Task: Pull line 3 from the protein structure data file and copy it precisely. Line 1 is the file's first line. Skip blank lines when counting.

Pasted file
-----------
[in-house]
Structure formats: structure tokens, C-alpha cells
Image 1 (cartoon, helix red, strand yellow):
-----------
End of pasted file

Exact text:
Image 1 (cartoon, helix red, strand yellow):